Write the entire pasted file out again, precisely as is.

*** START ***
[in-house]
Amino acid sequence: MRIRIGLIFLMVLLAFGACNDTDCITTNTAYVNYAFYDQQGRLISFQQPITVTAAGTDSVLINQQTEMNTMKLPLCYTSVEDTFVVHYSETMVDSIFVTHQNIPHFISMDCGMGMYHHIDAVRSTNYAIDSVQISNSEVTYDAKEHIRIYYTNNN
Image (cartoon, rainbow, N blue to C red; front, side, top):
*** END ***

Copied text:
[in-house]
Amino acid sequence: MRIRIGLIFLMVLLAFGACNDTDCITTNTAYVNYAFYDQQGRLISFQQPITVTAAGTDSVLINQQTEMNTMKLPLCYTSVEDTFVVHYSETMVDSIFVTHQNIPHFISMDCGMGMYHHIDAVRSTNYAIDSVQISNSEVTYDAKEHIRIYYTNNN
Image (cartoon, rainbow, N blue to C red; front, side, top):